Ethiopian tread shoes a hit

Ethiopian entrepreneur Bethlehem Tilahun
Alemu is selling thousands of her country’s
traditional shoes made from recycled tire,
to customers abroad.

• Bethlehem Tilahum Alemu
soleRebels Ethiopia
+251 0911 110848

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Nosimilo Ndlovu

Former accountant Bethlehem Tilahun Alemu founded soleRebels in 2004 to create jobs for people in her community. The company design traditional Ethiopian shoes made from recycled tires. Five years after opening shop, they have sold thousands of pairs to customers in Canada, Australia, England, and Japan and are now receiving major orders from the US.

A few weeks before Christmas, workers at the soleRebels factory based in on the outskirts of the Ethopian capital, Addis Ababa, were frantically cutting, sewing and gluing to fulfil internet purchases from customers abroad.

The young entrepreneur got the idea to start the company while brainstorming for an Ethiopian-flavoured product that could be produced sustainably. She remembered the truck-tyre sandals worn by local fighters. “Recycling is a way of life here, you don’t throw things away that you can use again and again,” she said. “I wanted to build on that idea.”

At the time, other Ethiopian shoe companies were struggling to compete with cheap imports from China. Alemu decided to concentrate instead on the export market, where she believed customers would be willing to pay good money for authentically designed products.

She found a supplier who could deliver old truck tyres and tubes. She then hired women to spin, weave and dye locally-grown cotton, jute and hemp using skills passed down through generations.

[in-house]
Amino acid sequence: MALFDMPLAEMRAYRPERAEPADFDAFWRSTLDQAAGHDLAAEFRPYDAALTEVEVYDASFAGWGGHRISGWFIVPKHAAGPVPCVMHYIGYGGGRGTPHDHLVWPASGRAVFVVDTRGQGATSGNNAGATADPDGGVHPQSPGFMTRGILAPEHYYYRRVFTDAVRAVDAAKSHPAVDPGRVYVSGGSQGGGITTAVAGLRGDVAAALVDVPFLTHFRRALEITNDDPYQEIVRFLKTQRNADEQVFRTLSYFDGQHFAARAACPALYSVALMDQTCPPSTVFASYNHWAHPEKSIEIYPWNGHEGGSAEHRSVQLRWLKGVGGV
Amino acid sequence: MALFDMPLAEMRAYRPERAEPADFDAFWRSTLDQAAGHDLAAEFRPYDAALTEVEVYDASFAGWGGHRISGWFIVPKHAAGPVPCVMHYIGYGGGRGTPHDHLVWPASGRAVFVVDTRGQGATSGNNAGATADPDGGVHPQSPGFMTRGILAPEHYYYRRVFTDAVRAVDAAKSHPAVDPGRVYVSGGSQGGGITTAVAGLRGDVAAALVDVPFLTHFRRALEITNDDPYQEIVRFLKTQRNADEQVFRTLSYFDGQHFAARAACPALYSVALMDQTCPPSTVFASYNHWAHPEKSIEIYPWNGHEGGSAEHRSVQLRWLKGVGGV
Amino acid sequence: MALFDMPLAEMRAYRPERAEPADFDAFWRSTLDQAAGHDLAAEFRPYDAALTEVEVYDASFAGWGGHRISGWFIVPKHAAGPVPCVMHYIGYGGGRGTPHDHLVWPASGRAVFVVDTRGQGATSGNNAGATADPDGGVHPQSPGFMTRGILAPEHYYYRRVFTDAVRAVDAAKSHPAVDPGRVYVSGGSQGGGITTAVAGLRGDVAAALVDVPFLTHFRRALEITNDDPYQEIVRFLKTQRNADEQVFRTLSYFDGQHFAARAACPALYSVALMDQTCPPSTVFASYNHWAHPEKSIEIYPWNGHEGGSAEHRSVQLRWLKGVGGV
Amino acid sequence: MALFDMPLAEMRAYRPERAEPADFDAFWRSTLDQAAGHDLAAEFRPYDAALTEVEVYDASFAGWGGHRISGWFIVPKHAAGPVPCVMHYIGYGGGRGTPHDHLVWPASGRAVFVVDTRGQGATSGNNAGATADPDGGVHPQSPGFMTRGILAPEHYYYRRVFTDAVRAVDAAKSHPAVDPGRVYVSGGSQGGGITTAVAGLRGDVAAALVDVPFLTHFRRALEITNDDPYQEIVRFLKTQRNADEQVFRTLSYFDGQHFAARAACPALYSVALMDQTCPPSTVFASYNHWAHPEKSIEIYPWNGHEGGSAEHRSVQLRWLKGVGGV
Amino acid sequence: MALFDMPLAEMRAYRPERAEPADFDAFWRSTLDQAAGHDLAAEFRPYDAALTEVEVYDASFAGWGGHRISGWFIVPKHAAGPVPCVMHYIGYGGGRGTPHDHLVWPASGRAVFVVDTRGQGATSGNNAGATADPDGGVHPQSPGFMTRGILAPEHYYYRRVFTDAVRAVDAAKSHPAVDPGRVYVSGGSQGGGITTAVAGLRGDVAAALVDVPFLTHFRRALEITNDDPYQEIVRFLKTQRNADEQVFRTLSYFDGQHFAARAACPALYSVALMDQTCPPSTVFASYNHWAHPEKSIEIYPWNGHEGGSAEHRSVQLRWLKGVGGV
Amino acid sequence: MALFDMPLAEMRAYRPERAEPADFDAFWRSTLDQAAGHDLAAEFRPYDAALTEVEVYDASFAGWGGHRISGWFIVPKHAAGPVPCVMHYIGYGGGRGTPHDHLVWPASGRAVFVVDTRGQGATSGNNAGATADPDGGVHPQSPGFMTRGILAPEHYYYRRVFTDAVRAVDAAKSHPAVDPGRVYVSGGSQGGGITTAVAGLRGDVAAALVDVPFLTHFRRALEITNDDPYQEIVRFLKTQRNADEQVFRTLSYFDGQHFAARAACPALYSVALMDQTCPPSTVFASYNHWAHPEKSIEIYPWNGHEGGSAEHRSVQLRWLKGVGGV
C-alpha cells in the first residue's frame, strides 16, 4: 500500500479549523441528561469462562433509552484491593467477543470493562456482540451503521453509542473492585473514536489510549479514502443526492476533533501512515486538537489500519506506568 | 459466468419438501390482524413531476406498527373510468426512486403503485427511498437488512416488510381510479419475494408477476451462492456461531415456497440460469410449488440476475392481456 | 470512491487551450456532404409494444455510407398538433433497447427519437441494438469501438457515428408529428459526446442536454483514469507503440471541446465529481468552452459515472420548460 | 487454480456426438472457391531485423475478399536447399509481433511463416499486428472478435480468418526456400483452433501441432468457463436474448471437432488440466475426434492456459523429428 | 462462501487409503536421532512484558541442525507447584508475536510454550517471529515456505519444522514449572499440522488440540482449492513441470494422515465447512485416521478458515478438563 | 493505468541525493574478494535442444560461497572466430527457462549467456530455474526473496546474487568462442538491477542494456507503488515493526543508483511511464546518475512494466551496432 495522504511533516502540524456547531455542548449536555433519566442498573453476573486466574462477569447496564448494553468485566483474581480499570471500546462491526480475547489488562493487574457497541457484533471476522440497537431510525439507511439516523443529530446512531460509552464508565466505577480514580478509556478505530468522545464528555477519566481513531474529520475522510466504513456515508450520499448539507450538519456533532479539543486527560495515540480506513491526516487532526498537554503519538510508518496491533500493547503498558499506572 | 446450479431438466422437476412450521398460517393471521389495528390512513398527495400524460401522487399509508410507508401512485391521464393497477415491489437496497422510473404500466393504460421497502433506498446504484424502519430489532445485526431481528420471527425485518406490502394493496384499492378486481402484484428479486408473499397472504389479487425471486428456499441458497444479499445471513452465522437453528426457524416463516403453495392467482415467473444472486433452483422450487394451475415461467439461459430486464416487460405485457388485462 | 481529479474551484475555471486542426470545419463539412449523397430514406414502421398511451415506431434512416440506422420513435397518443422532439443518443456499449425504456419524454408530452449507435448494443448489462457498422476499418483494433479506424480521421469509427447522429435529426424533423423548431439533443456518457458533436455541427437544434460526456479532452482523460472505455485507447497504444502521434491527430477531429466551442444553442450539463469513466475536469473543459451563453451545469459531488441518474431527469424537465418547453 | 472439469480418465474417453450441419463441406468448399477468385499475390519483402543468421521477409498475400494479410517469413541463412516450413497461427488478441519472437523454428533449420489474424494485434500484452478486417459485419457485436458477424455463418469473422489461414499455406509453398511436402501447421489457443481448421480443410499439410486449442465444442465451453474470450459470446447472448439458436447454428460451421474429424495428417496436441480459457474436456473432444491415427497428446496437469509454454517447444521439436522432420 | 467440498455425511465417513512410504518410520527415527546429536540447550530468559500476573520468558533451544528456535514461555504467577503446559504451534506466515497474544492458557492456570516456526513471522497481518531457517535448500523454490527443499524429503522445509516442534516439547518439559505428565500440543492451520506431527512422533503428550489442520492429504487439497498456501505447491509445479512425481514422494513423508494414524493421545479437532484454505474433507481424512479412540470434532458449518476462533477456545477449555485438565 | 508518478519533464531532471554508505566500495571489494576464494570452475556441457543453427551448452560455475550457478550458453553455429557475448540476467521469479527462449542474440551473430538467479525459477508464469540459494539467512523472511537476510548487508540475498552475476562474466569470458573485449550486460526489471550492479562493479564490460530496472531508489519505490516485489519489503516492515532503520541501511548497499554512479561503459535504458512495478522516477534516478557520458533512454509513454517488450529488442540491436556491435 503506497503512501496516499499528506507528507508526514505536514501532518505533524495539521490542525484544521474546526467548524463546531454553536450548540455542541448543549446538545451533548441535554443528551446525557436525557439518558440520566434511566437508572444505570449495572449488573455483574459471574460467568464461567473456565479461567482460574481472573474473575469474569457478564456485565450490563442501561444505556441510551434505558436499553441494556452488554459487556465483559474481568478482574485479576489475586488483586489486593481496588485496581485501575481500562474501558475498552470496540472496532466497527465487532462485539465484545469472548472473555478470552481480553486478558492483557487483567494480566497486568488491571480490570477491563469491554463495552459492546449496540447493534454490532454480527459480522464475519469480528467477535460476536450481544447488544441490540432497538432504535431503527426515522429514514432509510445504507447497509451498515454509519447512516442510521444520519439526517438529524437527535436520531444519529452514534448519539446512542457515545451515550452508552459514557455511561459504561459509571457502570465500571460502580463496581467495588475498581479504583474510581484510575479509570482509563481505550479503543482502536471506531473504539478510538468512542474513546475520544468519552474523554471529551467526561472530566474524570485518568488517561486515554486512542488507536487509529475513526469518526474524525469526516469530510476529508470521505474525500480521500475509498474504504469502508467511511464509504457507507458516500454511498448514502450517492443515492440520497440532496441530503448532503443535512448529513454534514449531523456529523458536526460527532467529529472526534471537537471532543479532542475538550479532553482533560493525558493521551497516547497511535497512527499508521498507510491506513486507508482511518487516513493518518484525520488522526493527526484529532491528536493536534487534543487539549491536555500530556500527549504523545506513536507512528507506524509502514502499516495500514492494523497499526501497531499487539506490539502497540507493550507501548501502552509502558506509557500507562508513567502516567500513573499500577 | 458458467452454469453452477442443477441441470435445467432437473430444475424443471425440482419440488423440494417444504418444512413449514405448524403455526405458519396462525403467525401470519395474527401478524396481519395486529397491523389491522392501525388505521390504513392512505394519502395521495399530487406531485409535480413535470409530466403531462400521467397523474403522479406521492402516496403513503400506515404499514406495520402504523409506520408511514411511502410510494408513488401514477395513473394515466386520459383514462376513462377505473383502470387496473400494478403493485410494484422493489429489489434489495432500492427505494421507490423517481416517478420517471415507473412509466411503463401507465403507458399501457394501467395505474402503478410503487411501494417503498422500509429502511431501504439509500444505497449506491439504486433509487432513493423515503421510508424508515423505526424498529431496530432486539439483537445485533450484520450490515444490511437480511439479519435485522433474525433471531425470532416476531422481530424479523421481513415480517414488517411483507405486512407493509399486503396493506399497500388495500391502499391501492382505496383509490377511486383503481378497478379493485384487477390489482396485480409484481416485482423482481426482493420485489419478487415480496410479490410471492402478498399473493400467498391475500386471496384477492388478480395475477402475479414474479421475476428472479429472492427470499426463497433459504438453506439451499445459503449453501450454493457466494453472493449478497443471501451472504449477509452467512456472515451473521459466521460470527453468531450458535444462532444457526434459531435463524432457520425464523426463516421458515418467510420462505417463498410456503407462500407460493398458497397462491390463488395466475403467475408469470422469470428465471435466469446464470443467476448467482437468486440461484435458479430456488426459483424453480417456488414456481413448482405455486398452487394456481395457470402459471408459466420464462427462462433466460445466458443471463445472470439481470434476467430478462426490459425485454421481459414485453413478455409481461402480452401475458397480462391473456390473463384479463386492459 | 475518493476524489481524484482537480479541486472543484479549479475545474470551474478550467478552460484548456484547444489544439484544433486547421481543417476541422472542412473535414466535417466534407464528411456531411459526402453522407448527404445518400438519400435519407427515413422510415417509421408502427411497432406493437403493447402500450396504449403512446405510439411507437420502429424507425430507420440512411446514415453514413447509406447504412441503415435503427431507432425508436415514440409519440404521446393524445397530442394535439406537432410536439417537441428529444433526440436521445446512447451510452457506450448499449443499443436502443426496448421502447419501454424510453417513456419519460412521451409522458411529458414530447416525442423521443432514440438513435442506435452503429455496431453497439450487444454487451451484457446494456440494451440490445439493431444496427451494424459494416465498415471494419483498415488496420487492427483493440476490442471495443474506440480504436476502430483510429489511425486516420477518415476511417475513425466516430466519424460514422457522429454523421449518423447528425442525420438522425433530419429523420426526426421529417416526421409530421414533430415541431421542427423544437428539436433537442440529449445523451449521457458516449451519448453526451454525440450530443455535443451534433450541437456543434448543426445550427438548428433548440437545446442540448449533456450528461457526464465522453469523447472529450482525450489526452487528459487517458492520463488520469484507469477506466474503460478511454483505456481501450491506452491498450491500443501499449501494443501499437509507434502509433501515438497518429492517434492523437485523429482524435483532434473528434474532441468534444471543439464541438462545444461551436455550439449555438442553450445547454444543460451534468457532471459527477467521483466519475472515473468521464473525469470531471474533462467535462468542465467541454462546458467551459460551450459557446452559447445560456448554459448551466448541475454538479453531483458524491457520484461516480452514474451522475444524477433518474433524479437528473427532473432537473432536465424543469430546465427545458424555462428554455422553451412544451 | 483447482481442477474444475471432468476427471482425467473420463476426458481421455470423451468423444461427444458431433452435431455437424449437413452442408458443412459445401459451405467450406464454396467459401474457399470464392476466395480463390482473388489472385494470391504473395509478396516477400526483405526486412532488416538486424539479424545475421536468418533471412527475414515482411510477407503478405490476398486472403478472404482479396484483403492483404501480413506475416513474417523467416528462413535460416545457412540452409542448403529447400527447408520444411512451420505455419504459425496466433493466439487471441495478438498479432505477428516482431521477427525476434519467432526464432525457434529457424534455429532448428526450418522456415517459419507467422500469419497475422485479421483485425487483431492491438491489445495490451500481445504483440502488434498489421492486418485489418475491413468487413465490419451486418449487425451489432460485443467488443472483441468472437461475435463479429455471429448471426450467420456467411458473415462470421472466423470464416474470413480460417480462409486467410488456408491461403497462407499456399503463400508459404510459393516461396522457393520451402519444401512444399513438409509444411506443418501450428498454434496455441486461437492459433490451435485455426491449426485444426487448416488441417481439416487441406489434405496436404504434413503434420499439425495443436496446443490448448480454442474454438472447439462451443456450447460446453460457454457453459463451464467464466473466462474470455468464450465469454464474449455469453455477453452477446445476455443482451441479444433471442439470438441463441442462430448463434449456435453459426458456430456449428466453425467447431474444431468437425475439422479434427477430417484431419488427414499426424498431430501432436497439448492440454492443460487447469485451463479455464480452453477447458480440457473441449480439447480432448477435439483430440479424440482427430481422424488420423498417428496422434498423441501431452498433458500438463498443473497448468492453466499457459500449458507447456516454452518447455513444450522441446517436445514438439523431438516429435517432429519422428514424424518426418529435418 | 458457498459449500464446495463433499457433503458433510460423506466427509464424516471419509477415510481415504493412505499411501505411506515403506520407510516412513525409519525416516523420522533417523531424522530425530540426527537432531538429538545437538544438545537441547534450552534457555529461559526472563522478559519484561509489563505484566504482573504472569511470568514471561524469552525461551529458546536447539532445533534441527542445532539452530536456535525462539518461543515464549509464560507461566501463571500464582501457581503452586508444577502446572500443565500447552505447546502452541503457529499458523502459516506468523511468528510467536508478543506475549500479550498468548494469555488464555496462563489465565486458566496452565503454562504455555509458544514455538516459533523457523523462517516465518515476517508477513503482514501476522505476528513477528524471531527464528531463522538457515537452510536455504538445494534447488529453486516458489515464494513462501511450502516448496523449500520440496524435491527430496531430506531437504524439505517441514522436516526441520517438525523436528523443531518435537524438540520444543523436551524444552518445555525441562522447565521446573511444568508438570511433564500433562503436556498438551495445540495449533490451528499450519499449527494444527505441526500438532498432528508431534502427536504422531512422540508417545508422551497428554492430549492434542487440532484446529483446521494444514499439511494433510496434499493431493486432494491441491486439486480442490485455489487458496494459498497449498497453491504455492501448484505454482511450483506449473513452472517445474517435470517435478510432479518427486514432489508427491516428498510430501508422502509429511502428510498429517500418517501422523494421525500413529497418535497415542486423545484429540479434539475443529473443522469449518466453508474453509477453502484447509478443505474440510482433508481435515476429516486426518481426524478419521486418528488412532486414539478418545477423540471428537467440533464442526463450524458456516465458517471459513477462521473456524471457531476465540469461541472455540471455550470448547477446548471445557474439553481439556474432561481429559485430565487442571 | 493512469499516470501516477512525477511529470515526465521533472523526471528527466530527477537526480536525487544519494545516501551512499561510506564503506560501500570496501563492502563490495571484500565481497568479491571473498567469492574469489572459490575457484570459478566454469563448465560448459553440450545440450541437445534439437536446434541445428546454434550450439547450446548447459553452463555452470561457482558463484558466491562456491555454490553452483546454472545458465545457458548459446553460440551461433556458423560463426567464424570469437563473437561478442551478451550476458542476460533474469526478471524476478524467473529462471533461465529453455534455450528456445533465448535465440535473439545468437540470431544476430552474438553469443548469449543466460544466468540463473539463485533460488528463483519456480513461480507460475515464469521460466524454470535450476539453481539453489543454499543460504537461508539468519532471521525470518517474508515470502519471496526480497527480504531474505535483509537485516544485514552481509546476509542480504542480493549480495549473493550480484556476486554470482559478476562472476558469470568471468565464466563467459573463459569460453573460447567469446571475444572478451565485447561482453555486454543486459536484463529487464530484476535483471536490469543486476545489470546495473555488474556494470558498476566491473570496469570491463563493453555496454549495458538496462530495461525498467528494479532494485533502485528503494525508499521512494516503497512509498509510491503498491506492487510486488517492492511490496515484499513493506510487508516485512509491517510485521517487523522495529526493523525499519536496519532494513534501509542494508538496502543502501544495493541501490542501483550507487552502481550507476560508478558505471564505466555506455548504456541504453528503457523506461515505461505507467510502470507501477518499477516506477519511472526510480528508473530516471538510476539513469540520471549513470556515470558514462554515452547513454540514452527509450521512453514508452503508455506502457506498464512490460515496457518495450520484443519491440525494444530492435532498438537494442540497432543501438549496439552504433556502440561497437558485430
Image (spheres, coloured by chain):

Determined to compete in the international market, Alemu did her research on the latest trends before starting to design her brand of unique and trendy sandals.

By adding funky cotton and leather uppers to recycled tyre soles, she soon found her own style of handmade flip-flops, boat shoes, loafers and Converse-style trainers.

Some are simple cotton-covered or leather-covered flip flops and sandals with names like Class Act and Gruuv Thong. The bestselling ones, called Urban Runner, are inspired by the classic Converse All Star trainer, with a piece of inner tubing for the toecap and organic cotton-covered footbeds.

“Almost all the materials are locally sourced, including the camouflage material used on some shoes, which is cut from old army uniforms,” she said.

Growing from tread to thread

When Alemu received an International Fair Trade certification, she began sending emails and samples to United States stores and websites. Shops such as Whole Foods and Urban Outfitters agreed to stock the shoes. They were imported duty-free under the US African Growth and Opportunity Act; this helped prices stay competitive.

The shoes were well received by the customers abroad and word spread. Alemu set up a website for soleRebles and individual customers began buying directly from the website. The shoes are couriered from Ethiopia, arriving to the various countries within a week.

Alemu said that her best move however was signing on an American-based online retailer. “Business really took off when Amazon signed up as a customer the company receives hundreds of orders per day. We are sitting in Addis Ababa but acting like an American company,” she said.

sole¬Rebels currently employs 45 full-time staff who can produce up to 500 pairs of shoes a day. Alemu is hoping to hire more people in a few months, once the footwear range, priced between R250 ($34) and R487 ($65), goes on Amazon’s new United Kingdom footwear branch website,

The company’s sales target for 2010 is at R3.6-million (US$492 428), but Alemu’s ultimate goal is even bigger. “We want to become the Timberland or Skechers of Africa”.